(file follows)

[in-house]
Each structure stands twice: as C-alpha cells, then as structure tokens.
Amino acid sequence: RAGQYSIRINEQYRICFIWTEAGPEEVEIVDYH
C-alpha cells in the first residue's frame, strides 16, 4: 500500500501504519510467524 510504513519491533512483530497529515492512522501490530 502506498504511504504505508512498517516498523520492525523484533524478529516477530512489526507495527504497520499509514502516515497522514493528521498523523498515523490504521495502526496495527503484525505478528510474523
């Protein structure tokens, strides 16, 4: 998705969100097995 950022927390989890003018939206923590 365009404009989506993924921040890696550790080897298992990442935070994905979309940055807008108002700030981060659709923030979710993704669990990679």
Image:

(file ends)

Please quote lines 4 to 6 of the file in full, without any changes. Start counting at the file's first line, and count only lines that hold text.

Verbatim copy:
C-alpha cells in the first residue's frame, strides 16, 4: 500500500501504519510467524 510504513519491533512483530497529515492512522501490530 502506498504511504504505508512498517516498523520492525523484533524478529516477530512489526507495527504497520499509514502516515497522514493528521498523523498515523490504521495502526496495527503484525505478528510474523
């Protein structure tokens, strides 16, 4: 998705969100097995 950022927390989890003018939206923590 365009404009989506993924921040890696550790080897298992990442935070994905979309940055807008108002700030981060659709923030979710993704669990990679």
Image: